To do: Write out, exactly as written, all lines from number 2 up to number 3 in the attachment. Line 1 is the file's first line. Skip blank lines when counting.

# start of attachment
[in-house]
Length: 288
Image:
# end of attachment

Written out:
Length: 288
Image: